Here you go. It may take a while, but you can get RGB values from this wavelength-to-RGB value calculator: https://www.johndcook.com/wavelength_to_RGB.html

I have no idea how accurate this is unfortunately.
Thanks, I will check and compare how accurate it is.

The data is on the graph. All you have to do is read it (with a photo editor) and type it into a spreadsheet/table.
I'm unfamiliar with this. Do you mean it's some metadata in the image file? What (free) photo editor can be used to read it and how do you copy it to a table?
 

russ_watters

Mentor
18,524
4,753
I'm unfamiliar with this. Do you mean it's some metadata in the image file? What (free) photo editor can be used to read it and how do you copy it to a table?
No, I mean literally read off the screen with your eyes and type into a table with your fingers. E.g., I just opened the file in a 20 year old copy of Paint Shop Pro 4.12, which you should still be able to download from somewhere. But literally any photo editor worthy of the description can do this:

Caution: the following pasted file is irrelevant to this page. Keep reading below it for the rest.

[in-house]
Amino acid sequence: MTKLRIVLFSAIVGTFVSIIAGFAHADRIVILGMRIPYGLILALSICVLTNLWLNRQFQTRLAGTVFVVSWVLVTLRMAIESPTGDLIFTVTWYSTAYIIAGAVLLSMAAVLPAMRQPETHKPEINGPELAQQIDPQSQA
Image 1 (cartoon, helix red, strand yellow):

-Hover cursor over a point on the edge of the graph. For example, 540nm
-Read the data from the color pallet on the side of the screen: 0, 255, 118
-Type it into an Excel spreadsheet
-Repeat

Edit:
The cursor wasn't included in the screenshot, but here's what it looks like when I hover over the edge of the 540nm hash, just off the black line:

Color.jpg
 
7
1
No, I mean literally read off the screen with your eyes and type into a table with your fingers. E.g., I just opened the file in a 20 year old copy of Paint Shop Pro 4.12, which you should still be able to download from somewhere. But literally any photo editor worthy of the description can do this:

-Hover cursor over a point on the edge of the graph. For example, 540nm
-Read the data from the color pallet on the side of the screen: 0, 255, 118
-Type it into an Excel spreadsheet
-Repeat